“I absolutely would like to. For me DOA is probably the game that I’m most passionate about. I’ve grown up playing it and achieved so much that it’s probably my most played game. So I have a different type of attachment to it. Now when it comes to a lot of other games, most games are 2D fighting-games, which isn’t my background. My background is predominantly 3D fighting-games. I want to take other games as seriously as DOA. However, it would be a challenging process. I would have to learn all of the new mechanics, learn how to fight on a 2D field vs 3D, and it almost feels more limited as to what I can do in terms of my play-style. I love Injustice. I love DragonballFighterZ. I just know it would be a huge learning curve. Everybody grew up playing 2D fighters. Like a lot of the top players have years of experience where as I would just be starting now.”
After finishing college he transitioned to the West Coast ready to face a new set of fighting game players and give the FGC new meaning in Las Vegas. Already he competed in his first Injustice 2 and Tekken 7 tournaments at the Downtown Grand clearing his pool and only losing to Jackie Tran – a former Tekken Evo champion – and a formidable Paul player who placed second only behind Jackie Tran himself.
Is the FGC scene different here than what you’re use to on the East coast?
“Well, for starters, all the main tournaments were basically in my backyard. Like Summer Jam, ECT, NEC, Winterbrawl – they were all about 45 minutes away from me. So I could literally drive to every tournament. I didn’t have to worry about catching flights or where I’d be staying. I could just stay at a friends house that lived close by when I was there. Now on the West Coast there are tournaments, but they aren’t as close and they don’t happen as frequently as they do on the East. Plus they normally don’t have Dead or Alive.”
What would you say that the West Coast in particular Las Vegas needs for the FGC and Esports?
“For starters, more games included. When you think about Las Vegas, the only tournament here is EVO, and they hardly ever put up the games that people want to see. They may do three, four, maybe even five non-major fighting games, but all the other communities get shafted. There’s a lot of communities that don’t have interest in going to EVO when their games aren’t even there. You have to ask, ‘Why would I fly out to the most expensive venue if I’m not even going to get to play?” So I’d say another tournament, and I think having a likeable event would be a big thing. I’ve been to a lot of tournaments, and I hear a lot about what people do and don’t like, and if people don’t like maybe the host, or the venue itself, or some other factor pertaining to the tournament, other people wouldn’t want to go. We need another major tournament that everyone can come out to that’s not so high scale so everyone can feel as if they can come out and play.”
So here on the West Coast we are still growing-still learning. Luckily for you guys on the East you’ve had amazing and tenured tournament operators like Big E (Eric Small) and Shin Blanka (Larry Dixon).
“Well yeah. They are passionate about their events and put them on because they love them. They’ve been fighting for years to make the FGC grow. I think [here] no one is really passionate like that. It’s more so about money or business over love of the industry.”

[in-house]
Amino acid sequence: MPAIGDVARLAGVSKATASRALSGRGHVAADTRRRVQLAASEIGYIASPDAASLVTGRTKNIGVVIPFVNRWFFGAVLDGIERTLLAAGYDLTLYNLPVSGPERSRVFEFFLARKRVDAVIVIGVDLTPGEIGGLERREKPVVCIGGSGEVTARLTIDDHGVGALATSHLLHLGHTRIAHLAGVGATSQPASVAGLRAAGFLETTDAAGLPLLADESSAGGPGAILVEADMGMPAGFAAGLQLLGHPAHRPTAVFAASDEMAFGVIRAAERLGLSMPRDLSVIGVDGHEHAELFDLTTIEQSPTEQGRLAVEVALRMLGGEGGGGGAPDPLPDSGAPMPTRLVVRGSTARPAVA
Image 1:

I think we will get there in due time. It’s a process, one that requires a lot of effort from a lot of brilliant minds to get us to that point, but the players also have to contribute; to come out to the tournaments, play, and help Las Vegas tournaments grow. Here in Las Vegas how would you help us grow?
“I agree its going out to more weeklys and local tournaments, but you also have to help promote the events, tell friends, and just spread the word in general. Also bringing people that have never been to tournaments to check it out would be good.”
Another thing is a lot of new or online players don’t really come out to tournaments for fear of how they will place or if they can make it out of their pools.
“Going to tournaments isn’t always about winning. It’s also about playing for fun and the experience. Playing online doesn’t compare to the environment that you’re in at tournaments.”.
I think we will get better at that. As more places open like the new Esports Arena at the Luxor, gamers will see that Vegas is trying, but more importantly, see that while Esports is very competitive, it’s also very engaging and very different from anything else. It’s almost like a party. I guess for you when connecting back with friends on the East it’s more like a family reunion.
Are there any games that you are looking forward to?
“Soul Calibur 6. It’s another series that I grew up playing. With my brother, I’ve played them all since the second one. I think me and a lot of people stopped playing with what happened with Soul Calibur 5. At one point my brother and I played Soul Calibur more than anything else. Plus it’s a 3D fighting game and they’re bringing back the characters I like playing like Ivy, Talim, and Seong Mina.”
Well we hope to see you win tournaments for that game too. In closing is there anything we can expect from you in the near future and anything you’d like to say in general?
“Nope, just expect to see me doing a lot more in a couple of months, and expect to see me out more helping to promote and help the local scene.”
If you’d like to see more of Mr.Kwiggle the following link below will take you to his official Twitter
Xbox Gamertag: Mr Kwiggle
Playstation Gamertag: MC Kwiggle
Credit: Source link